It was just a matter of time until the magic amniotic stem cell crowd began to be taken down by government officials. Many thought it would be the FDA, but we also thought that at some point the FTC may throw its hat into the ring. That’s exactly what happened this week when the government agency threw the book at one California magic-cure provider with no clinical evidence.
While I’ve blogged on this extensively, it’s amazing to me that medical providers still fall for the ruse that these products have millions of live and functional stem cells. This crowd includes chiropractors, naturopaths, acupuncturists, surgeons, you name it. None have enough day-to-day cell biology experience to understand what testing would be needed to support this claim, so they gladly accept half-baked reports that look official and purport to show that these are stem cell products. See my video below for what would be needed to support this claim:
The Federal Trade Commission looks at medical websites all the time to see if they are defrauding consumers. The biggest sticky wicket is usually claims made without any evidence. This is a huge problem for the amniotic and umbilical cord stem cell crowd as there is virtually no evidence that this stuff works for any medical condition as sold by current tissue vendors. The sales reps (who are often just as gullible as the providers buying this stuff) love to point to research about actual isolated, culture-expanded, and properly frozen and recovered stem cells from these sources. However, while that’s sparse, the research on the commercially available dead cell junk that 361 tissue vendors are selling doctors is almost nonexistent. Hence, anyone making any claims about these products to consumers on a website is a very easy target for FTC action.
The FTC moved against a California clinic that was basically claiming that it could make the blind see and cure serious neurologic conditions using amniotic “stem cells.” As you have seen, there was really no proof of live and functional stem cells in what was being injected, so that’s the first fraudulent act. The second and the one easiest for the FTC to act on was no published clinical data supporting any of these claims. The initial FTC judgment was more than 3 million USD, and the clinic settled with the government agency for more than 500K in refunds to patients.
The FTC outlined its thought process in this blog post yesterday. For example, the FTC highlighted this statement from the doctor:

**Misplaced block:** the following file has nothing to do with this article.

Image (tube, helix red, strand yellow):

“According to a promotional letter from Dr. Henderson, “Lives are being saved, the blind see, the crippled walk and the patients with heart, lung, kidney and nerve diseases can alter the course of their suffering with a simple therapy [that] lasts for years and impacts their lives NOW!””
The defendants’ ads also made express claims about specific intractable medical conditions:
“Stem Cell Treatments have been shown to improve sight in patients with Macular degeneration.”
“We can make blinded People see again!”
“We can reverse Autism symptoms.”
“Can stem cell therapy help patients with chronic kidney disease? Yes it can. It can make new cells that replace damaged cells and reverse chronic kidney disease symptoms.”
“Cure for Parkinson’s? The only Medical Group worldwide that treats Parkinson’s with amniotic Stem Cells!”
For stroke victims with damaged brain tissue, “Stem Cell treatment acts as a form of medical time machine, reversing the damage that has already been made.”
Claims like these can be found all over the Internet. They’re becoming increasingly common as alternative-health providers get involved in using fake stem cell products. In addition, the claims standards in medicine are much higher than those for chiropractors, naturopaths, and acupuncturists. Hence, they will be low-hanging fruit as the FTC continues to act.
As I have blogged before, we’ve already seen one chiropractic, magic amnio clinic in North Dakota get shuttered and fined by the state attorney general. I suspect that we’ll see many more of these pop up. In addition, we know of one local chiropractor disciplined by his board for making similar claims.
This FTC action highlights one of the many reasons that we have been publishing research for years at Regenexx. This costs huge money and hundreds of hours per paper. This is a short list of our publications that I prepared just the other day:
The upshot? If the FTC is going after clinics that are making claims without research and none to very, very few clinics are actually publishing research on the protocols they use, then I suspect we’ll see many FTC actions. The lowest-hanging fruit will be the providers treating multiple incurable diseases and making wild claims about dead amniotic and umbilical cord tissue. However, you can also throw many of the clinics making orthopedic claims into this group as well, as few, if any, have done any research on their specific protocol.
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